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Local response has been quick but gaps still remain in the aftermath of the Indonesian earthquake

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On Saturday, an earthquake of 6,2 magnitude shook Java island in Indonesia. More than 5,000 people died, according to UN agencies, around 20,000 people had been injured and some 200,000 people left homeless.

The epicentre has been reported close to the town of Bantul (two hours by car from Yogyakarta). Most affected areas are Bantul, Yogyakarta and Klaten. Since Saturday, there have been more than 450 aftershocks

About 35,000 buildings in and around Yogyakarta were reduced to rubble

Two MSF teams, consisting of doctors, nurses, psychologists and logisticians, are visiting villages in the area around Yogyakarta, Indonesia, where insufficient aid has arrived after Saturday's earthquake.

On May 27, an earthquake measuring 6.2 on the Richter Scale struck the region.

The MSF teams offer basic medical care, including treatment of injuries. The psychologists are organising information and discussion sessions to help people understand the mental trauma they may be suffering after the earthquake, and offer counselling to people who are having psychosomatic complaints.

"The local response to the emergency has been quick and efficient," said MSF Emergency Coordinator, Dr Nathalie Civet, while explaining the situation. "The threat of a volcanic eruption from nearby Mount Merapi meant that national emergency services were already on stand-by in the area and were able to mobilise immediately. Nevertheless, there are still gaps in the care being offered, and some people continue to wait in the rain without shelter, food or basic survival items."

Tomorrow (Thursday) MSF will receive another freight of relief supplies - 2,000 kitchen sets (10 tons) - and will start distribution of non-food items in villages that have been heavily affected by the earthquake. Over the past three days, MSF has already donated medical and non-medical supplies to hospital and health structures.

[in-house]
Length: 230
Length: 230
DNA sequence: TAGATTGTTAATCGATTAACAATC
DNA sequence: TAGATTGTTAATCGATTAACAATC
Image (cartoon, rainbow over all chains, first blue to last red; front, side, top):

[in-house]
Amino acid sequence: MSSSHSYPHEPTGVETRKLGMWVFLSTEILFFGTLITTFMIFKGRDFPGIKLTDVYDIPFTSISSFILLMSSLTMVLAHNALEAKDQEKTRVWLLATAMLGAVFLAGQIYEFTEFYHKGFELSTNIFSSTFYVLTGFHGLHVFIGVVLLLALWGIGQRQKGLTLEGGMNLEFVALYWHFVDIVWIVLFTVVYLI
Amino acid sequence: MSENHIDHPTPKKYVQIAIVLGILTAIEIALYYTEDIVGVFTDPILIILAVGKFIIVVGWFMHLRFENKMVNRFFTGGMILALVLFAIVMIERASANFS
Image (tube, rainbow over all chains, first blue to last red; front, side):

Distributions to families include hygiene items, blankets, soap, cooking pots, as well as tools and materials necessary for basic construction and protection from the rain, such as hammers, nails, wood and plastic sheeting.

Additional MSF workers continue to visit villages, assessing needs and trying to make sure no communities will be overlooked.

"This will not be a massive distribution involving extensive assessments, coordination and days of planning," said Dr Civet "Our priority is to get our aid into the hands of those who need it without any delay. We are helping to bridge the gap until a larger aid deployment can begin."

MSF teams first arrived on Yogyakarta on Saturday evening, twelve hours after the earthquake. Over the following days they sent medical teams to assess communities, health facilities and camps.

On Monday morning two nephrologists - kidney specialists - arrived to make sure that health structures have the equipment and technical expertise to identify and treat 'Crush Syndrome', a common and potentially lethal affection in the aftermath of earthquakes as people are often crushed under the rubble and internal organs are injured.